The statute of limitations specifies how long a person or entity can wait before taking legal action on a matter. You may have heard it mentioned in relation to a personal injury case or another civil lawsuit. However, the state of Texas must also bring a criminal case against individuals within a specified time.
If a prosecutor doesn’t file formal charges before the time runs out, the court can bar them from doing so. What is important to note is that this doesn’t apply to all crimes or all circumstances. If the police formally arrested you and charged you with a crime, you need to have an experienced attorney on your side. They will investigate whether the statute of limitations has passed regarding the matter.
The Statute of Limitations Explained by a Houston, Texas Criminal Attorney
The statute of limitations is designed to ensure that criminal charges don’t hang over a defendant’s head for years. It is also intended to ensure that criminal cases are dealt with as efficiently as possible. The longer it takes for a matter to get to court, the more likely it is that the evidence will degrade. Witnesses may also not have a clear memory of what occurred.
Despite this fact, you’re not automatically off the hook just because an incident happened a long time ago. Some crimes don’t have a statute of limitations attached to them. You can be charged with serious offenses like murder, child sexual abuse, and some human trafficking crimes at any time. If you are facing charges related to a hit and run which caused death, the state can also charge you at any time. It doesn’t matter whether 30 or 40 years have passed since the incident.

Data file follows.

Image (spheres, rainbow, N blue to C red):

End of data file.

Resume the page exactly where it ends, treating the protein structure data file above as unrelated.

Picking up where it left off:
For some crimes, the statute of limitations in Texas is ten years. These include:
- Compelling prostitution
- Theft involving officials or fiduciaries
- Causing injury to an elderly or disabled person
Those which the state can prosecute for up to seven years after the incident include:
- Identity theft
- Money laundering
The statute of limitation stands at five years for
- Insurance fraud
- Abandoning or endangerment of a child
The state can bring some other felony charges for up to three years after the incident. For misdemeanor offenses, the statute of limitations usually runs for two years. However, if the victim was under the age of 17 when the crime was committed, the time is usually extended. Your attorney will advise you on the peculiarities of your case.
How Your Criminal Lawyer Will Use the Statute of Limitations to Defend You
The state can technically bring a case against you even if the time has passed. However, they can only do this if neither you nor your attorney brings up the statute. In order to benefit from the statute, your criminal lawyer in Houston must petition for the dismissal of the case. If you don’t have legal representation or your lawyer is inexperienced, you will be at a disadvantage.
An experienced lawyer will challenge the timeframe within which the case was brought to argue for a dismissal. They may also use it to reduce the number of charges you face if you’ve been accused of multiple offenses. The burden would be on the prosecutor to prove that the relevant period hasn’t expired. The statute of limitations defense can only be used at or before the stage where you plead guilt or innocence. It is, therefore, important that you have a lawyer who is competent, thorough, and experienced.
Contact Eddington & Worley Criminal Lawyers to Discuss Your Case Today!
The statute of limitations for criminal cases is not just a technicality. It has a significant bearing on whether the state can bring a case against you. While it doesn’t apply to all cases, it can be an important part of your defense when it does apply. That’s why you must have a Houston criminal defense lawyer on your side. We will look at all aspects of your case to ensure you get the best outcome.
The statute of limitations exists to protect you from facing charges when the evidence and witnesses are no longer reliable. While many factors can affect how the statute is applied, your lawyer can have a major impact on your situation. If you want sound legal advice about your criminal case, contact Eddington & Worley today to set up a consultation. We will do everything we can to protect your rights and ensure you’re treated fairly in court.